There are people living with parts, halves, or more of their brains removed all around the US
Image: Reigh LeBlanc/Flickr
Amanda Caldwell is a 22-year-old creative writing major at Long Beach City College. She's a DJ and program director at the campus radio station, co-founder of a club for students with disabilities, and sits on student government. She has goals of becoming a professional author and won awards in high school for her fiction. She's also living with half a brain.
"People don't really see my disability," Caldwell told me over the phone after writing one of her final exams for the semester. "When they see me walking and they notice that there's something different, they think I've maybe had a stroke. They don't know that I've had half of my brain removed."
Caldwell isn't an anomaly. There are people living with parts, halves, or more of their brains removed all around the US. Some are master's degree-wielding speech pathologists. Others are champion ultra-long-distance runners. There are lots of different reasons why people might need partial brain resections (when you surgically remove all or part of an organ), and hundreds of people in this country who show just how surprisingly resilient the human brain can be even when part of it is removed.
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"In broad strokes, there are two principal reasons why someone may lose chunks of their brain: disease or injury," Gary Mathern, a pediatric neurosurgeon at UCLA who has performed multiple hemispherectomies, told me over the phone. Head injuries can sometimes cause severe enough damage that a part of the brain stops functioning, he said, but when it comes to surgically removing a piece of brain, disease is the primary driver.
Often, it's one of a handful of rare, seizure-causing disorders that lead to the decision to perform a brain resection. These disorders often affect young children and become so severe that cutting out the affected part of the brain is the only option.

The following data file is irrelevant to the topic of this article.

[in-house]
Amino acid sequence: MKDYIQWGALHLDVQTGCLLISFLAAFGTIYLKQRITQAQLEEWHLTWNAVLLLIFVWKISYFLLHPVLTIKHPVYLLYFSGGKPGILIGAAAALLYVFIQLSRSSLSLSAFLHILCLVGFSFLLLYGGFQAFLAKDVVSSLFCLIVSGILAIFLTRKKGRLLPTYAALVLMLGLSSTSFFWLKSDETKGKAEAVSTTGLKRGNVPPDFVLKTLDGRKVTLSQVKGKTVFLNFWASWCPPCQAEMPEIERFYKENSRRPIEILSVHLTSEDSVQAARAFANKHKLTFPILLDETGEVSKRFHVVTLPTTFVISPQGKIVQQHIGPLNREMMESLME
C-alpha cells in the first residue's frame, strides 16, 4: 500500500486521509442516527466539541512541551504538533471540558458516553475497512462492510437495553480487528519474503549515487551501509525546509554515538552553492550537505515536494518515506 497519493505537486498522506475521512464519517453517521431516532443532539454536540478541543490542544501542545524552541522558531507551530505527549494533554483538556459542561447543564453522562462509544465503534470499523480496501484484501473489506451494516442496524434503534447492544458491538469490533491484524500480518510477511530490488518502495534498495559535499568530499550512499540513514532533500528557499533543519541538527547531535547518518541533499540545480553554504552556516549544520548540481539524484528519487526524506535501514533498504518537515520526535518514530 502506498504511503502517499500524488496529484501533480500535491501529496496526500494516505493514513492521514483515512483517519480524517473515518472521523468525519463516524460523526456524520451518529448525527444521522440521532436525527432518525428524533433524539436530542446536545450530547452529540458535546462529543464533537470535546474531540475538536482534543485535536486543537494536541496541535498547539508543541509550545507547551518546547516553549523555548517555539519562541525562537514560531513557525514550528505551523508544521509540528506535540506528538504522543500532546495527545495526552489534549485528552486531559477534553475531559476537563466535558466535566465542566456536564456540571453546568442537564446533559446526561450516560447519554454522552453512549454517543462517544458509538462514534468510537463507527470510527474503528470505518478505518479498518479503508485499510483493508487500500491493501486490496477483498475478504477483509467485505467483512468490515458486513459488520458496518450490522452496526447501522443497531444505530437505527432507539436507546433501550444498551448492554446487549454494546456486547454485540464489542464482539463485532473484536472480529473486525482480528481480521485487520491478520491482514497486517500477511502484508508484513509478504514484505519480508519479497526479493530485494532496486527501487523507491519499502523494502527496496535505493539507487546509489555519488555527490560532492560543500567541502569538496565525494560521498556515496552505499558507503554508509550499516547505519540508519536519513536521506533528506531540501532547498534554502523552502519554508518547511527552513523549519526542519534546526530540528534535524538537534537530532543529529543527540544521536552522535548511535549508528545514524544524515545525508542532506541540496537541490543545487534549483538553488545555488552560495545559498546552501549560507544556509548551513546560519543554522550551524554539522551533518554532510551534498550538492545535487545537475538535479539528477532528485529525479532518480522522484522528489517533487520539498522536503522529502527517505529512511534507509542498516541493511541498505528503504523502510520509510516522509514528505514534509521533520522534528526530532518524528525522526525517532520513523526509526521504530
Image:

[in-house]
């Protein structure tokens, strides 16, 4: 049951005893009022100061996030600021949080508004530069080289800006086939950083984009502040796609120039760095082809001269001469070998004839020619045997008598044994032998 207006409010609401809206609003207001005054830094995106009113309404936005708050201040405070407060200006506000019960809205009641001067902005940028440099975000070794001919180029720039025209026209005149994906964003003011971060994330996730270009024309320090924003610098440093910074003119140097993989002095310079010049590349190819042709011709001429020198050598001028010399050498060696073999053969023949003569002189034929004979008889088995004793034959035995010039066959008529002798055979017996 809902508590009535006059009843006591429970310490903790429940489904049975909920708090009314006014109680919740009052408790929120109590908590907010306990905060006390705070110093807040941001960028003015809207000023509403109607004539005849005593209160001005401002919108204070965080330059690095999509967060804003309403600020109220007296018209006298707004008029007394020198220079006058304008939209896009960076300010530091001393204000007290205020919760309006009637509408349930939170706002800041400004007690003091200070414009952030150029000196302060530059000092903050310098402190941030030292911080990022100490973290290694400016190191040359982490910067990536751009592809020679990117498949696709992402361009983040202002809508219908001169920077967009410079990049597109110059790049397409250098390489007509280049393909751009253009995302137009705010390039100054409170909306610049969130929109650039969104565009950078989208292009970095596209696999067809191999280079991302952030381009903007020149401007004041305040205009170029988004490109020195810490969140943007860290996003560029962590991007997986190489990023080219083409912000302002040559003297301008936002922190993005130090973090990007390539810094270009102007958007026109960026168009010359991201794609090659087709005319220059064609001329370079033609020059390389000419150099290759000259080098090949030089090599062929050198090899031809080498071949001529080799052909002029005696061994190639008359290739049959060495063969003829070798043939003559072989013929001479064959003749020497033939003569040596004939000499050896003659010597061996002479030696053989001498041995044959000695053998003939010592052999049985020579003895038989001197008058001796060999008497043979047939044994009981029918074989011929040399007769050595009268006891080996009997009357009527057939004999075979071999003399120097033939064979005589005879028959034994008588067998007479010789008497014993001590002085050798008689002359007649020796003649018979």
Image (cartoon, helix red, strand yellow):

"The seizures can get to the point where they're so frequent that the kid's not developing properly because their brain is never in a rested state where it's not seizing, or recovering from a seizure," Mathern told me. "The only reasonable option at that point is to cut out those parts of the brain producing the seizures, which often can be very large sections of the brain. We're allowing the rest of the brain the opportunity to develop."
That was the case for Caldwell. Throughout her childhood, she suffered seizures, often three or four a day, due to a stroke she had before she was born. She was diagnosed with Cerebral Palsy, then epilepsy, and tried out multiple kinds of medications, including drug trials. But the seizures starting getting more frequent, and longer. One day when she was five, on the last day of kindergarten, she slipped into a dramatic seizure that lasted for more than 20 minutes and only ended after paramedics had rushed her to the hospital.
"It was the 'Hollywood seizure.' I was shaking. I was foaming at the mouth," Caldwell said. Though she doesn't remember the event, her parents have described it to her. "It was really bad."
At that point, she was taken off of the latest trial drug and her parents became more desperate for a solution, before the seizures eclipsed Caldwell entirely. Under the advice of their doctors, the decision was made to go forward with the only remaining treatment: a hemispherectomy. Shortly after her sixth birthday, surgeons would open up Caldwell's skull, detach her two hemispheres, and take one side out. That was in 1998, and she hasn't had a seizure since.